U.S. Rep. Lauren Boebert’s name appears in business documents filed with the state for the oil and gas consulting firm run by her husband, Boebert Consulting, which was paid about $1 million over the past two years by a drilling company that has a large presence on the Western Slope.
The Garfield County Republican is the registered agent of JLB903 LLC, which is, in turn, the registered agent of Boebert Consulting run by her husband, Jayson, according to records reviewed by The Colorado Sun, as well as information from Boebert’s office and a financial disclosure the congresswoman filed this week.
The revelation poses more questions about the Boeberts’ finances and their close ties to the oil and gas industry, which have come under increasing scrutiny from opponents in recent days. The congresswoman’s office said she does not work for Boebert Consulting, but it did not answer whether she owns the firm.
Boebert, who sits on the House Natural Resources Committee, has been a major cheerleader for the oil and gas industry, often citing her husband’s work.
“My husband works in the natural gas industry,” she told Colorado Public Radio last year. “He drills for natural gas. He has for 17 years, and I know that when our industry’s bad here, he usually goes somewhere else to work. That is a very hard strain on the family, and there are many families that haven’t recovered from that.”
Terra Energy Partners, which is based in Texas, boasts on its website that it’s the largest operator in the Piceance Basin, which spans western Colorado into Utah.
Terra purchased Ursa Resources, another oil and gas company, in December for $60 million. Ursa had a large presence in western Colorado, and its history includes a contentious effort to drill wells in the Battlement Mesa community between Glenwood Springs and Grand Junction, near where the Boeberts live just outside Silt.
Lauren Boebert’s financial disclosure reported that Jayson was paid $478,386 in 2020 for “consulting services” by Terra Energy Partners — mistakenly reported as Terra Energy Production in the disclosure — and $460,601 in 2019. Boebert Consulting wasn’t listed on the document, but Ben Stout, a spokesman for Boebert, said the consulting firm was paid for Jayson’s work.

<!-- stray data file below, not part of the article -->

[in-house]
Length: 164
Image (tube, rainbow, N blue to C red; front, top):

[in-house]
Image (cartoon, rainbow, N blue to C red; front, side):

Boebert Consulting appeared in the congresswoman’s 2020 candidate financial disclosure with “NA” — as in not applicable — written in the income reporting boxes for 2018 and 2019.
Stout said Jayson “is not an employee of Terra Energy” but that he has provided contract drilling services to Terra since 2017. That’s years before Boebert announced her candidacy for Congress.
The company confirmed his work history.
“Mr. Boebert has provided contract drilling services as an on-site drilling foreman to Terra since 2017,” Suzanne Smith, the head of human resources for Terra Energy, said in a written statement to The Sun.
An April 2020 business filing for Boebert Consulting LLC, the most recent paperwork filed with the Colorado Secretary of State Office, changed the registered agent for the consulting firm from Jayson Boebert to another business entity, JLB903 LLC. That business, created in 2018, lists Lauren Boebert as its registered agent.
Jayson Boebert last appeared as the registered agent for Boebert Consulting in December 2018, according to documents filed with the Colorado Secretary of State’s Office.
The Secretary of State requires businesses to have a registered agent, an official contact who can receive legal paperwork for a company. The agent isn’t necessarily an owner or officer for the business, but can be.
Both Boebert Consulting LLC, formed in 2012, and JLB903 LLC are listed as delinquent by the Colorado Secretary of State’s Office, meaning they missed deadlines to file updated paperwork.
Boebert actually didn’t have to reveal her husband’s exact income, according to disclosure rules. None of the other Colorado U.S. House members with working spouses did.
Her financial disclosure was filed Tuesday after The Sun contacted her office about a missed Aug. 13 extended deadline.
Boebert also reported operational losses for her restaurant, Shooters Grill, of $143,233 in 2019 and $226,234 in 2020.
Other takeaways from Boebert’s disclosure include:
- A home mortgage, secured in 2018, between $250,001 and $500,000
- A checking account that has a balance between $1,001 and $15,000
No stocks or other bank accounts were reported in the disclosure.
Colorado Sun correspondent Sandra Fish contributed to this report.